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Philip Hensher

Philip Hensher: Why I always savour the taste of a good cookery book

Delia's return is a reminder that no literature calms the psyche like the literature of food

Somewhere or other Barbara Pym remarks that the most soothing bedside reading is a cookery book. There is nothing nicer than a paperback of clever, surprising recipes to fill you with happy thoughts of future possibilities, mostly involving bacon.

Perhaps because they act so calmingly on the psyche, there is no literature more unchanging in its appeal than the literature of food. You can read Eliza Acton, or Apicius, and feel that, to some degree, nothing has changed, and people still eat many of the same things that they did a hundred or a thousand years ago. "Egg", after all, is one of the oldest of all English words, and I don't suppose that many new ways have been evolved to eat them in the last millennium.

But, strangely enough, cookery books also draw on aspiration, fantasy and the limitations of their time. They are, paradoxically, also the form of literature which witnesses changes in fashion most dramatically. If you pick up a commercially successful cookbook of 50, 30 or even 20 years ago, it is quite startling how our tastes have altered.

For 20 years or so, between the late 1970s and the mid 1990s, one author reigned supreme, and her name was Delia. Every student was sent off to university with her black-bound cookbooks; either the three separate volumes, or, a little later, the one-volume reduction. That last one had a photograph of Delia herself holding an egg, one eyebrow raised. In my student house, we sat around for hours discussing the slightly alarming erotic appeal of the image, without ever coming to any conclusion. The great attraction of Delia Smith's cookbooks, as everyone always says, is that the recipes work, infallibly. Her no-nonsense approach succeeded in taking our innocent hands and leading us, with surprising success, into the kitchen. Looking back at it and her subsequent books, you can see a solid basis of English, Eliza-Acton cooking style. (I roasted a goose from Delia recently with notable success).

But overlaying this is evidence of the rise of package holidays, of the appeal of the exotic. Delia put pesto in places no Genoan had ever contemplated, and mixed and matched culinary cultures with gay abandon. I remember once at a dinner party being served, in succession, mushroom risotto, Thai red chicken curry and bread-and-butter pudding. You can't help but feel that Delia's globe-trotting forays had encouraged that sort of recklessness.

All the same, the old girl introduced us to all sorts of ideas. I had a long period, in the late 1980s, of cooking mostly from Marcella Hazan's wonderful Italian books. But I first heard of ragu and gnocchi from Delia. Subsequently, I've gone through a phase of blood, guts and Fergus Henderson. My current obsession is Simon Hopkinson's superb, post-ironic, classically elegant rediscovery of the postwar plate, The Prawn Cocktail Years – I've ventured Duck a l'Orange with great success and am working up to Chicken Maryland. It must be said that almost all subsequent enthusiasms spring from a little seed of keenness, planted in the late 1970s by Delia.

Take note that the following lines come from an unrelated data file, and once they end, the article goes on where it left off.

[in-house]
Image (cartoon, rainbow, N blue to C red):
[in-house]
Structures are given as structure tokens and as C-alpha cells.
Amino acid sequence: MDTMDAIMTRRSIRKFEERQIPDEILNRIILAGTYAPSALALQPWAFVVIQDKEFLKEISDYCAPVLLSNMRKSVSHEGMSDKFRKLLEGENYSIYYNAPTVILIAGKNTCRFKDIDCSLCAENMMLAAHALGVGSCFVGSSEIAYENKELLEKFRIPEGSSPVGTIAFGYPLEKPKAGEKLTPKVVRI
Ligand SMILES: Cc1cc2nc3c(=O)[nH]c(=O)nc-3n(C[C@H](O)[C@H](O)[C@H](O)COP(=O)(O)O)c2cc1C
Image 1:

If you were posh or socially pretentious, no doubt you learnt from Elizabeth David. I guess that was what Barbara Pym was talking about – her books are terribly comforting last thing at night. But most of us learnt how to cook from the wonderful Marguerite Patten and then from Delia Smith. If they contain aspirational elements, they are the same aspirational elements which have shaped their readers' lives. There are no absurd ingredients, and nothing which is not meant to be cooked.

So Delia's new cookbook, designed for cheats or those with little time, is going to fly off the shelves, and probably deservedly so. The idea of the book is that everyone has time to cook, even if it means depending on ready-prepared items. I don't believe that Delia takes money in return for recommending products; I think she genuinely finds products which she likes, and passes the tip on. I'm honestly surprised to see her recommending a brand of instant mashed potato, something I always believed to be the food of the devil. But, being Delia, she gets the benefit of the doubt.

Whether this really is a problem which can be solved by pre-prepared, dried and tinned goods, I doubt. Cooking needn't take much time or effort at all. To fry calves' liver with sage and butter takes three minutes, if that; roasting a joint of meat requires 30 seconds' worth of preparation. The problem, really, is a larger one than food, the way that people in the past two decades have shifted many elements of their daily life into the realm of spectacle and entertainment. Even Delia can't do much about that. But she's in a good position to make an effort.